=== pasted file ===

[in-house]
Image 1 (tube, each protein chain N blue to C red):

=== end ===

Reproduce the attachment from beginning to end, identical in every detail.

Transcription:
[in-house]
Image 1 (tube, each protein chain N blue to C red):